Scott Capelin is the founder of inLIFE Wellness, a Reformer Pilates and group exercise studio with franchises located throughout Australia, with a more recent launch headed to California in March of 2023. In the following article, Scott Capelin discusses the reasons behind the growing popularity of commercial real estate looking to house fitness studios within their developments.
Southdale Mall in Edina, Minnesota, is dubbed the “nation’s first indoor regional shopping mall,” but it’s a dying species. The traditional idea of a shopping mall has been replaced by commercial developments such as mini malls and office buildings, which has seen an increase in places to exercise within its confines. Scott Capelin explains more below on why these types of spaces are seeing a rise in fitness center development within.
Exercise Will Never Go Out of Style
Exercise has been recommended as a health benefit for years, with Hippocrates stating that “eating alone will not keep a man well, he must also take exercise.” Since then, exercise in all forms have come and gone. From the Greek’s first Olympics Games to Jane Fonda’s ballet-inspired videos, exercise has consistently been part of society for millennia.
Scott Capelin of inLIFE says that one of the biggest obstacles that commercial real estate developments experience is choosing the right businesses to support it. Many retail and food-related shops are at the mercy of individual consumer tastes. Fortunately, the wellness trend has not gone out of style.
Scott Capelin of inLIFE says that there will always be groups of people that exercise consistently, especially because it’s consistently the top New Year’s resolution for many individuals. By incorporating a fitness center into a commercial building, property managers are virtually guaranteed to always have some kind of foot traffic into and out of their building thanks to the popularity of health and wellness goals of society.
Lower Overhead Costs
Scott Capelin says that the financial responsibilities associated with fitness centers tend to be easier to manage, especially for a class like Reformer Pilates, where the entry costs and overhead are low. For example, Reformer Pilates does not require much in the way of electricity, as the machines are powered by the body, not electricity requirements of a treadmill.
Fitness centers can also be highly personalized. A Pilates class usually just requires a mat, although sometimes Pilates balls or bands are used. Even for classes that might require more specialized equipment, like Reformer Pilates, can also be modified to fit the center’s projected goals.
Fitness Centers Bring in Consistent Foot Traffic
Scott Capelin says that since there are no set days and times to exercise for many, a fitness center will frequently bring in foot traffic. Because commercial real estate spaces can often contain a wide variety of stores that cater to a diverse clientele that vary in age, gender, and interests, it makes sense to provide fitness centers so these two groupings can cross.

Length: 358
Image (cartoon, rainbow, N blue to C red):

Scott Capelin of inLIFE says that Pilates, especially, has exploded in popularity because the workout is better suited for smaller spaces, and is low-impact. Weightlifting exercises require a lot of room and equipment, which not every commercial space can accommodate. According to Club Industry, interest in Pilates has grown over 500% in the last six years, making it a no-brainer to add a Pilates club to bring in more consistent traffic in a commercial space.
A Collaborative Shopping Ecosystem
The Mayo Clinic has found that exercise is a fantastic way to relieve stress, which can be highly beneficial in commercial real estate spaces. Most of these buildings house other businesses or offices, by offering the building employees incentive – a fitness studio has guaranteed clientele.
Whether someone likes to exercise before work, during their lunch break, or after work, the benefits of having a fitness center within the same vicinity can increase onboarding and retention of employees. In addition, having a low impact exercise option, like Pilates provides employees increased energy, morale, and flexibility to head back to the office upstairs after a workout.
Scott Capelin says that another benefit to fitness centers in a commercial space is that it can create a general sense of collaboration between everyone in the building. Especially at the height of the pandemic, many workers reported feeling disconnected socially from their colleagues. By building rapport between different groups, there is a greater chance of a healthier work environment.
It’s to the benefit of all developers of commercial real estate to think about adding fitness centers to their spaces, especially if they will feature a plan like Reformer Pilates. The potential for more foot traffic, cheaper overall costs, and a happier work environment are all upsides that will make the real estate project successful in the long run.